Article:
When Hitler came to power in 1933, he labeled physically and mentally handicapped citizens as dangerous to the genetic health of the German people. He initiated a compulsory sterilization program that eventually blocked 400,000 citizens from enjoying any normal family life. With the onset of war in 1939, he decided that resources should be reserved for healthy, worthwhile citizens who could work for victory. He then ordered a secret program to kill the handicapped. Approximately 250,000 citizens had died when the war finally ended.Readers in medicine, law, sociology and history will be intrigued by this compelling story of the brave citizens who spoke out against the immoral killing of the disabled. Many were arrested and imprisoned; some were executed. All the protesters claimed that the disabled were not "ballast people." They were people who deserved opportunities to contribute what they could for the good of the community.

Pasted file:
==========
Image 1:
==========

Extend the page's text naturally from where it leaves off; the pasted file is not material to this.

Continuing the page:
Alan R. Rushton, MD, PhD, practiced Pediatrics and Medical Genetics at Hunterdon Medical Center in Flemington, New Jersey, from 1980 until 2017, and served on the faculty of Princeton University and the University of Medicine and Dentistry of New Jersey. He was elected Fellow of the New York Academy of Medicine and the Royal Society of Medicine. He has authored articles for The Journal of the History of Medicine and Allied Sciences, The Oxford Dictionary of National Biography, Journal of the Royal College of Physicians of Edinburgh, and The British Journal for the History of Science. His publications also include the books Genetics and Medicine in the United States, 1800 to 1922, Royal Maladies: Hereditary Diseases in the Ruling Houses of Europe, and Genetics and Medicine in Great Britain 1600 to 1939.